Can financial stability boost your health and wellness?

When considering health and wellness strategies, the most likely changes tend to be nutrition, activity, and sleep. While those are all incredibly important, financial stability deserves a place on the list, too. Continue reading for a look at how financial wellness impacts your quality of life, along with some strategies to feel more secure.

That doesn't mean having a chunk of ready cash in your savings account, or even robust investments. Stability is all about feeling a sense of control over your finances, even if you're living paycheck to paycheck.

With a stronger sense of awareness about where your money is going and how you can direct it in a way that reduces stress, it can be a boost for your emotional and physical health. 

Money's role in your health

One of the major ways that finances can impact your wellness is through stress, and it's possible you may have been feeling this long before the pandemic caused difficulty. If that's the case, you're far from alone.

A 2021 study by the Finra Investor Education Foundation and Global Financial Literacy Excellence Center found that even before Covid, a substantial share of U.S. households were feeling strained due to finances, in part because of problematic financial behaviors and decreased financial security. The report noted that 60% of adults ages 21 to 62 felt anxious when thinking about personal finances, and 50% reported feeling stressed about discussing the issue.

This type of chronic stress can be toxic to your health. Research indicates ongoing stress can have effects such as:

  • Disrupted sleep
  • Memory issues
  • Difficulty paying attention and making decisions
  • Lower immune system function
  • Higher likelihood of cardiovascular disease
  • Poor gastrointestinal function
  • Disrupted hormone regulation

The ripple effect can be profound. For example, poor quality sleep is linked to an increase in chronic diseases, which may necessitate a higher level of healthcare—and therefore can increase your out-of-pocket costs, especially if you lack health insurance. That can cause more stress, creating a cycle that may be tough to break over time.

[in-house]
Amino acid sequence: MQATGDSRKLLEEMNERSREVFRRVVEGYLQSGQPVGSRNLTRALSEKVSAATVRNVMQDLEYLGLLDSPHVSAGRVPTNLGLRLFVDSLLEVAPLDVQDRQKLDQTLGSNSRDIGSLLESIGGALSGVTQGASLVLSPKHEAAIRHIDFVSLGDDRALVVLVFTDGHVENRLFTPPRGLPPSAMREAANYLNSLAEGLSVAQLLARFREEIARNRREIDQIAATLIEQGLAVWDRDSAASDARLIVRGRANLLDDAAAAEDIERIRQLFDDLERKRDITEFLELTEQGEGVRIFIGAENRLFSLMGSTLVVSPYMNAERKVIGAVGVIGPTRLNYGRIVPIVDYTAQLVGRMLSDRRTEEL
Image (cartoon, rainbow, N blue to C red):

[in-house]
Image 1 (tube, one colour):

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The good news is that you can create a sense of financial security that helps you feel more in control. There's a ripple effect there, too. When you have confidence in your financial health, your stress level can lower—helping you sleep better, have more energy, and make healthier food choices. From there, you might exercise more often, get fewer illnesses because of a robust immune system, and prevent health risks to your heart, gut, and brain.

Sometimes, all you need is one step in the right direction to open up a whole new path toward better health, and financial stability could be that starting point.

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Developing more financial stability

Whether you're about to retire and have a healthy nest egg or you're just starting out and need to watch every penny—or you're anywhere in-between—it's always a good time to look at where you are in terms of your financial health. Here are some steps to consider:

1. Track your finances for several months. Looking at one or two months of your spending will give you a good amount of information, but a better approach is to get the biggest timeframe possible. For example, go through your year in bank statements and categorize all your spending, from utilities to splurges. That way, you can start to see how much you're really spending and what trends might be happening.

For example, it's normal for spending to surge over the holidays, but maybe you've forgotten that August is filled with multiple expenses if that's your month for vacations or you have kids in school. You may notice you spend much more on car repairs than you remember—which means investing in a different vehicle might be a better and more affordable option. Creating a workable monthly budget will be the next step, but it's difficult to get those numbers without knowing how much you really spend first.

2. Be objective instead of regretful. Finances can cause a mix of emotions, from dread from seeing your spending to anger about loans that weren't repaid—or setbacks that were costly. That's completely normal. But try to see your finances with the perspective of what needs to be done, not as a way to berate yourself.

3. Talk to your benefits manager. If you're unsure about where your pre-tax and post-tax dollars are going from your paycheck, meet with your benefits manager to get a clear explanation of what's involved. That could lead to making meaningful changes that help you save more for retirement, switch healthcare plans, increase your insurance, or reduce your tax liability.

Your company could even have a financial wellness program you don't know about. This may include financial coaching, emergency savings funds, and education benefits.

4. See a professional. A financial advisor or financial planner may be more affordable than you think—and can offer more ideas for helping you eliminate financial risk. Like hiring any type of professional, it's a good idea to interview a few candidates and see what they offer, especially if you're considering moving toward making investments.

In general, just knowing that your financial stability is part of your overall health and wellness mix can be important. That might pinpoint the source of your stress so you can begin to address it in a way that prompts other health benefits, too.

For a fresh perspective on all 8 dimensions of health and wellness, download our free eBook. 

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